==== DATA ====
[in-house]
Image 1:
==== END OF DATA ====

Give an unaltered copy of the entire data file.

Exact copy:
[in-house]
Image 1: